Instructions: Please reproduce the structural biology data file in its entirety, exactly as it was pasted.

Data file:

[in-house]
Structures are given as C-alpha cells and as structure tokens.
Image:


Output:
[in-house]
Structures are given as C-alpha cells and as structure tokens.
Image: